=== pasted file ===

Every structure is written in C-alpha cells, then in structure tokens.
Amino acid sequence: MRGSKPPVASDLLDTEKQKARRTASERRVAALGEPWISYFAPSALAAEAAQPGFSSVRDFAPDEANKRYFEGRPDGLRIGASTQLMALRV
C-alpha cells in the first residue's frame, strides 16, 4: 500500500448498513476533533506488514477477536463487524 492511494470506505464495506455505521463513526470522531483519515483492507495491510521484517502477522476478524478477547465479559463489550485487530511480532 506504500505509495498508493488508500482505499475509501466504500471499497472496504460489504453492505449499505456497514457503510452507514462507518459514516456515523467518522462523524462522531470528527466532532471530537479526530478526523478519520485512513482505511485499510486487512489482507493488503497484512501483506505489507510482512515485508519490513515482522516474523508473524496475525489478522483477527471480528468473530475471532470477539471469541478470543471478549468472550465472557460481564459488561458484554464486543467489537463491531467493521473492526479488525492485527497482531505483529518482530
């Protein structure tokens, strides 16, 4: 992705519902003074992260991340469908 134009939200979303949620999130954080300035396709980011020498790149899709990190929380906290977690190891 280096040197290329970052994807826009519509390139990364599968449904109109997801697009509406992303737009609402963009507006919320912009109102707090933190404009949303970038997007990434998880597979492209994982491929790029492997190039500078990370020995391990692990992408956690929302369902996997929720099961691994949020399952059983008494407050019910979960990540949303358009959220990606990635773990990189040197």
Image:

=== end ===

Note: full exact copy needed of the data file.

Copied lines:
Every structure is written in C-alpha cells, then in structure tokens.
Amino acid sequence: MRGSKPPVASDLLDTEKQKARRTASERRVAALGEPWISYFAPSALAAEAAQPGFSSVRDFAPDEANKRYFEGRPDGLRIGASTQLMALRV
C-alpha cells in the first residue's frame, strides 16, 4: 500500500448498513476533533506488514477477536463487524 492511494470506505464495506455505521463513526470522531483519515483492507495491510521484517502477522476478524478477547465479559463489550485487530511480532 506504500505509495498508493488508500482505499475509501466504500471499497472496504460489504453492505449499505456497514457503510452507514462507518459514516456515523467518522462523524462522531470528527466532532471530537479526530478526523478519520485512513482505511485499510486487512489482507493488503497484512501483506505489507510482512515485508519490513515482522516474523508473524496475525489478522483477527471480528468473530475471532470477539471469541478470543471478549468472550465472557460481564459488561458484554464486543467489537463491531467493521473492526479488525492485527497482531505483529518482530
């Protein structure tokens, strides 16, 4: 992705519902003074992260991340469908 134009939200979303949620999130954080300035396709980011020498790149899709990190929380906290977690190891 280096040197290329970052994807826009519509390139990364599968449904109109997801697009509406992303737009609402963009507006919320912009109102707090933190404009949303970038997007990434998880597979492209994982491929790029492997190039500078990370020995391990692990992408956690929302369902996997929720099961691994949020399952059983008494407050019910979960990540949303358009959220990606990635773990990189040197």
Image: